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Talk Books: Liberating Motherhood

liberatingmotherhood“Women’s liberation must be mothers’ liberation or it is nothing.”

–Germain Greer, in The Whole Woman, quoted in Liberating Motherhood

Since I have three homeschooled children (ages 6-13) and one toddler (2) who are all home full-time, as well as a home business, I often fell asleep with the book Liberating Motherhood in one hand and december-2016-001my nursing toddler asleep on the other arm. However, the mark of how much I liked a book can be told most reliably, not by my eventual typed review, but by the number of pages whose corners have been turned down. In case you can’t tell in the picture, that means that Liberating Motherhood is a winner. Complex. Witty. Wry. Assertive. Bold. A detailed manifesto of maternal feminism.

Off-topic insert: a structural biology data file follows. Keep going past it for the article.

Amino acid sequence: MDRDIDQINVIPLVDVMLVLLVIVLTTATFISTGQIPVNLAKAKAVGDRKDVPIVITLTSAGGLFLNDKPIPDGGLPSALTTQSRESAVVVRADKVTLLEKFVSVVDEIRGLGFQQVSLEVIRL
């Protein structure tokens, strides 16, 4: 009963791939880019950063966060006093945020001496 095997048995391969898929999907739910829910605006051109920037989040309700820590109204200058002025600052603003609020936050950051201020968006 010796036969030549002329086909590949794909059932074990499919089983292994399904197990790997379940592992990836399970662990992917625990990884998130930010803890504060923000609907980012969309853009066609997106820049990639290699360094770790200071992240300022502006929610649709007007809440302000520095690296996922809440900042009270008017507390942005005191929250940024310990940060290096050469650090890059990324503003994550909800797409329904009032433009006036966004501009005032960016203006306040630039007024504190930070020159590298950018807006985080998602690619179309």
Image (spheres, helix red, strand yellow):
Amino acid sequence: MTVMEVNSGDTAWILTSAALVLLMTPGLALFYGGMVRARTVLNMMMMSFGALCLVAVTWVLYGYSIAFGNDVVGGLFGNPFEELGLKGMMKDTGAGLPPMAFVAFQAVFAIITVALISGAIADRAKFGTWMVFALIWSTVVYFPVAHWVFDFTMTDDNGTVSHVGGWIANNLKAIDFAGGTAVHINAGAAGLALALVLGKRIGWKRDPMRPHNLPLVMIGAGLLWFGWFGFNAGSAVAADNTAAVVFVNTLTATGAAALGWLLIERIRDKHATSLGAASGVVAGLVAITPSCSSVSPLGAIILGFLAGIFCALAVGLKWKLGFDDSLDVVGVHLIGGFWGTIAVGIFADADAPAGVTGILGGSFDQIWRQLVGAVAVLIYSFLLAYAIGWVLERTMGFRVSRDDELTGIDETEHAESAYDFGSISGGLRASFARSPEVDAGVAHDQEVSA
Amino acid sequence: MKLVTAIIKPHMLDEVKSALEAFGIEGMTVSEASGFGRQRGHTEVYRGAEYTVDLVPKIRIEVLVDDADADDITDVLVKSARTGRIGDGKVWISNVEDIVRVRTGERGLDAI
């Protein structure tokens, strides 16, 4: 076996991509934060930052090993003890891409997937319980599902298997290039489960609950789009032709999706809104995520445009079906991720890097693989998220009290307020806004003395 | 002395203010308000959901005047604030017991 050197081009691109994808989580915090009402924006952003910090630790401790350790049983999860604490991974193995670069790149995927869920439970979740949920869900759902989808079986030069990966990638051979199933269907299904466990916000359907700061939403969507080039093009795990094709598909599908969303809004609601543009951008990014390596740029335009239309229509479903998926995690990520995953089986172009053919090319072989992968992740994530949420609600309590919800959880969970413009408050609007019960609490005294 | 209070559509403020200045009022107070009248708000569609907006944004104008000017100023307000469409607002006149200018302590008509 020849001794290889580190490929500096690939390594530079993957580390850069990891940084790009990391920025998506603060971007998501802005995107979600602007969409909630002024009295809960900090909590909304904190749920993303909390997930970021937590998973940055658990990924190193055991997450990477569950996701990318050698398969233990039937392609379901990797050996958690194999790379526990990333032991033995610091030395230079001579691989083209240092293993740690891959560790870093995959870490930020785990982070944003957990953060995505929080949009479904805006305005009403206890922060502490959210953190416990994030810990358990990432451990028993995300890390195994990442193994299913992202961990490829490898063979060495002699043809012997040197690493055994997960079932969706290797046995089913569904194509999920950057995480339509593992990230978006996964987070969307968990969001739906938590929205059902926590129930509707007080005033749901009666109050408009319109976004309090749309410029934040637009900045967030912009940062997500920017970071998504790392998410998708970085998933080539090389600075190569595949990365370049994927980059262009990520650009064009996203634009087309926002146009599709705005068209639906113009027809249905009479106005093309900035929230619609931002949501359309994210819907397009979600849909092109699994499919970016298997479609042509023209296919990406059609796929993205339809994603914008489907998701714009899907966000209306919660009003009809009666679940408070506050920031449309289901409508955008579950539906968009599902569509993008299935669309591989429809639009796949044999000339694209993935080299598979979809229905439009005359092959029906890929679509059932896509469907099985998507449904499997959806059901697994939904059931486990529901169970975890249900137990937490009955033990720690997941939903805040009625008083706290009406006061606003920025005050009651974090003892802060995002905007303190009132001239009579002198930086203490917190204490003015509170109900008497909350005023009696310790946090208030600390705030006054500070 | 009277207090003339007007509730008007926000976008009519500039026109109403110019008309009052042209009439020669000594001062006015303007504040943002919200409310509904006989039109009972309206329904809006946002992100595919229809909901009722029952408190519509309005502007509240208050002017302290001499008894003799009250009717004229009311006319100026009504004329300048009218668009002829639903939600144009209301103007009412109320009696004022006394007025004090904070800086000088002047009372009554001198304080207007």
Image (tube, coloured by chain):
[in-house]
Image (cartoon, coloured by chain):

Liberating Motherhood is a fairly heavy read, made readable and engaging by Vanessa’s deft way with words, sharp wit, and clear explanations. It covers broad themes and weaves together issues of justice, ecofeminism, politics, and socialization in sections titled A Mother’s Body, A Mother’s Mind, a Mother’s Labour, and a Mother’s Heart. The core of the book is the argument that many mothers wish to actively mother their young children and yet are wholly unsupported in doing so. Patriarchy’s answer is subordination of women into a caregiving role that has no monetary or economic value or respect. Contemporary feminism’s answer is “full female employment” and outsourcing of childcare into a universal daycare system. Olorenshaw is assertive that the answer to the “problem of mothers,” is not more daycare, but rather more social and economic support, including a basic income. She is willing to tackle the classist assumptions that work outside of the home is inherently fulfilling for women, noting that the ability of women in the upper socieconomic status to “lean in” rests fully on the backs of lower paid, overworked women who are doing the work that no one else wants to do. However, she does not glamorize or romanticize the role of a stay-at-home mother either, exploring in-depth the economic and social vulnerability that women are placed in by depending on the income of a partner and exploring the potential for abuse and exploitation that results from this common social model.